Clouds play a critical role in Earth's climate and are the largest source of uncertainty in present climate models, stemming from cloud formation complexity, according to the latest report of the Intergovernmental Panel on Climate Change.

Head in the Clouds

Climate Change News - ENN - May 16, 2014 - 10:42am
Clouds play a critical role in Earth's climate and are the largest source of uncertainty in present climate models, stemming from cloud formation complexity, according to the latest report of the Intergovernmental Panel on Climate Change.

Scientists discover giant sperm fossilized in bat guano

In a cave in Australia, researchers from the University of New South Wales discovered giant fossilized sperm. The sperm were produced 17 million years ago by a group of tiny, shelled crustaceans called ostracods, making them the oldest fossilized sperm ever found. The results were published recently in Proceedings of the Royal Society B. The fossils were excavated in 1988, but it wasn't known they contained sperm until they were studied in detail by an ostracod expert last year.

Patience, self-control and delayed gratification

How long would you wait for six grapes? A chimpanzee will wait more than two minutes to eat six grapes, but a black lemur would rather eat two grapes now than wait any longer than 15 seconds for a bigger serving.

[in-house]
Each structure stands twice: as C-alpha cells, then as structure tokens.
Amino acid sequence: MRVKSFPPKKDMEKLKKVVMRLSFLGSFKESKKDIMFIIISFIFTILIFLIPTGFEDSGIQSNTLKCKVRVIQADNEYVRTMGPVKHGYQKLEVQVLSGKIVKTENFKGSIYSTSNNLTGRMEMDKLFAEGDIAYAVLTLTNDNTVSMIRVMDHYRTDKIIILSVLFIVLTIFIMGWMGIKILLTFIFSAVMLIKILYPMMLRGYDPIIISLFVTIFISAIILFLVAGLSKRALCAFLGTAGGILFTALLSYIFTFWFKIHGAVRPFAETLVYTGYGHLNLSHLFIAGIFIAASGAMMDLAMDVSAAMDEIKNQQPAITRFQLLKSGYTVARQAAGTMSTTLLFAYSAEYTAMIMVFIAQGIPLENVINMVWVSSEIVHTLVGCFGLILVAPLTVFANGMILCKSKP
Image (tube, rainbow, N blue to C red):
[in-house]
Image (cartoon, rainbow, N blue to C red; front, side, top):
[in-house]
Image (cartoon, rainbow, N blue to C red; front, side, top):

You Know the Ocean's in Trouble When Your Shell Starts Melting

Climate Change News - ENN - May 15, 2014 - 1:48pm
Things are getting really dicey for a little ocean creature called a pteropod. Better known as the "sea butterfly," this delicate little sea snail is serving as an unfortunate bellwether of the deteriorating state of our oceans. Why? Conditions in the Antarctic ocean and along the West Coast of the U.S. have become so unnaturally acidic that the shells of sea butterflies are literally dissolving away.

Green Success: Heaven Hill Distilleries Steps up Recycling Efforts

Regulatory news - ENN - May 15, 2014 - 9:52am
Beginning operation in 1934 after the repeal of Prohibition, Heaven Hill Distilleries located in Louisville, Kentucky has become the largest family-owned and operated producer and marketer of distilled spirits in the nation. Bottling over 12 million cases of spirits in 2012, one could imagine the amounts of leftover materials that could either go to a landfill or be recycled. Fortunately, Heaven Hill decided to try recycling as part of their KY EXCEL membership. KY EXCEL is Kentucky's free, voluntary environmental leadership program open to individuals, communities, and organizations that wish to improve and protect Kentucky's environment in ways that extend beyond state requirements. Kim Harmon, the Environmental Compliance Manager at the distillery, says, "When we started our recycling program in 2011, we tried to find everything that could be recycled and vendors to take the materials. We recycle paper labels, bands around pallets, aerosol cans, brown paper packing, blue drums, label backing, cardboard, plastic and glass."